FWIW in 1987 I used 5/16" teak and holly veneer plywood to cover the sole in the main cabin of our, then, 1976 Cal 2-29. We made a pattern out of brown butcher paper and laid it out on the back of the plywood. After shaping, we then used a mat-knife to score the back side at 2" intervals both fore'n aft and transversely. This allowed the ply to conform to the curvature of the sole without splitting. The material was temporarily held in place with #10 wood screws while we installed #10 flacehead wood screw, counter-sunk so they could be covered with plugs. The rows of screws were approximately 18" apart. We framed around the openings to the bilge, and the covers with 1" by 5/16" teak strips with mitered corners. The plugs were shaved flat with a very sharp small hand plane. The whole surface was roughened with 220 grit paper and covered with 9-10 coats of Minwax Helmsman Semi-gloss urathane and a final coat of the mMinwax Urethane made for hardwood floors which is much more durable. The most difficult part of the job was sculpting 1"x2" moldings around the edges which took a long time as the teak doesn't bend too readily and that was before I knew the trick of making a steam box our of cardboard, foil and foam.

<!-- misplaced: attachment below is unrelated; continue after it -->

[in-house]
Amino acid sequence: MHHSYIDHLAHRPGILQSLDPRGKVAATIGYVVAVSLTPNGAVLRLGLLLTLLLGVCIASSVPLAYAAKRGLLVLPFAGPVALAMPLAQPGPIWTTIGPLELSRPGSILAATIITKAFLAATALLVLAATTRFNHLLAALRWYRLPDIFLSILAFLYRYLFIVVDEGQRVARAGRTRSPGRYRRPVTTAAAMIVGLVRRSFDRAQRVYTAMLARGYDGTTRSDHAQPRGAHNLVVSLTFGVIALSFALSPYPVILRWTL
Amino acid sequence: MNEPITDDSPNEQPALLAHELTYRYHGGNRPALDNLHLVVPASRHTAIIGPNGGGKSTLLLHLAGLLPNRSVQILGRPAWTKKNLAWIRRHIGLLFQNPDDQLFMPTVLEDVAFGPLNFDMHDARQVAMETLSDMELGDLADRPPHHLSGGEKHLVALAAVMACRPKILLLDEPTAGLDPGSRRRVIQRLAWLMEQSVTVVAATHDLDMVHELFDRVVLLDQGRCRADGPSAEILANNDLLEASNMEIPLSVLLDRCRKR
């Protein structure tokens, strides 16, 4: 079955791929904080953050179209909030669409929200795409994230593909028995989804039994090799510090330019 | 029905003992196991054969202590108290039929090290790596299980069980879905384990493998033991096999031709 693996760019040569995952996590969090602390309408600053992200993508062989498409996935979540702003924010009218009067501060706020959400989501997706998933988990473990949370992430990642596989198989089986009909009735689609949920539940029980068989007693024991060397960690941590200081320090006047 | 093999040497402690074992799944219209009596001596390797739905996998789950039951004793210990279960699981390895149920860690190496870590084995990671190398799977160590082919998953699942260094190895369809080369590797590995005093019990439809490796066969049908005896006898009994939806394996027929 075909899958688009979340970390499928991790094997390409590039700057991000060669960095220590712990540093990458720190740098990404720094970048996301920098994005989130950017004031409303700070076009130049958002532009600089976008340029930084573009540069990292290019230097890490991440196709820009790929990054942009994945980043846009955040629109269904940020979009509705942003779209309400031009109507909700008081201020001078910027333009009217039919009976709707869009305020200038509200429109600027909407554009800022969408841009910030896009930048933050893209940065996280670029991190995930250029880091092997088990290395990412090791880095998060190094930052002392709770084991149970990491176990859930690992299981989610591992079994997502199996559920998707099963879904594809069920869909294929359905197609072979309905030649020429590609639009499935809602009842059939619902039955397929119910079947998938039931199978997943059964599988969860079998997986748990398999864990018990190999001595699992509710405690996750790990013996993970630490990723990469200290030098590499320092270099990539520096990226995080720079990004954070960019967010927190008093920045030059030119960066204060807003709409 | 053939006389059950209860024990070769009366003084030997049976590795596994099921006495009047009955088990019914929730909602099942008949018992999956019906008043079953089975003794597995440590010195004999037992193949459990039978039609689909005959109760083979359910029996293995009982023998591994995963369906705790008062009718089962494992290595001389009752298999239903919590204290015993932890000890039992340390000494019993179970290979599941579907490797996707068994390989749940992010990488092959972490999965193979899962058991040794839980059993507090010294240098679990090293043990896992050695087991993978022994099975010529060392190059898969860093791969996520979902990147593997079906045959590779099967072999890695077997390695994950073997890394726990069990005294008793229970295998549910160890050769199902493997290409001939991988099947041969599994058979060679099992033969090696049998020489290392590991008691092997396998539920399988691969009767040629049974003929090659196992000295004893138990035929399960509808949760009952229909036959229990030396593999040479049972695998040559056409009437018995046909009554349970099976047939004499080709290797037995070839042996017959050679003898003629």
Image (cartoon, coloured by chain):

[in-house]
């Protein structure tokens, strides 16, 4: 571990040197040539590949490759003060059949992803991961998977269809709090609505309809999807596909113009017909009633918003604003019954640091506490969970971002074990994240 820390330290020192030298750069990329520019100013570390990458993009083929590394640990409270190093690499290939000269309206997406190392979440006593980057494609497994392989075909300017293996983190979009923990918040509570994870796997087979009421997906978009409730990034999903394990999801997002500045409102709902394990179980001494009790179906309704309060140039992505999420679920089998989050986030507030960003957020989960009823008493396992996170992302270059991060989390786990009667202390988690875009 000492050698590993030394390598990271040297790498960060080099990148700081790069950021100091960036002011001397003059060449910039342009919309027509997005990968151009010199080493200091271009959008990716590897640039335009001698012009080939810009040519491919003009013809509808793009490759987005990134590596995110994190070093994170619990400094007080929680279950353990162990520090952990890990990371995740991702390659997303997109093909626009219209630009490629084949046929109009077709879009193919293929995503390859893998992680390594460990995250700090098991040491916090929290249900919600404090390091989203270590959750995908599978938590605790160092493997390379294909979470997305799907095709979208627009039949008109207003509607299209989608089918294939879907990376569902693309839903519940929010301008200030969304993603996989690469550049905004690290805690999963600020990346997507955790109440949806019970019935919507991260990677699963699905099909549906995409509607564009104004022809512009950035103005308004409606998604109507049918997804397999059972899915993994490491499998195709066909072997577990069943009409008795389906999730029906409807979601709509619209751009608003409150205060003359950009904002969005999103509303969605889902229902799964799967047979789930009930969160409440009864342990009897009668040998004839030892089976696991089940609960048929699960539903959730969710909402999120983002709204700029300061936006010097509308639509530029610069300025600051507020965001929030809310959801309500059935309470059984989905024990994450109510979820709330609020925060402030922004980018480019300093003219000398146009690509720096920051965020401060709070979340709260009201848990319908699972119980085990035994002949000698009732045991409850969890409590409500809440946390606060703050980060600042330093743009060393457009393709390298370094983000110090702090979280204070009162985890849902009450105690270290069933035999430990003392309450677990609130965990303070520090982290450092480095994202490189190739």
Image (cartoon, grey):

It was a job but the end result was very pleasing. By keeping the deck clean and free of sand, and periodicly scuffing it up and applying a new coat of clear floor vurathane, it looked as new we we sold the boat in 2003.
Below you can see a bit of the sole and the decking on the step at the foot of the companionway (that was not fastened down but served double duty as a table-top in the cockpit).
"It is not so much for its beauty that the sea makes a claim upon men's hearts, as for that subtle something, that quality of air, that emanation from the waves, that so wonderfully renews a weary spirit."
Last edited by svHyLyte; 02-04-2010 at 11:36 AM.
Reason: Correct typos!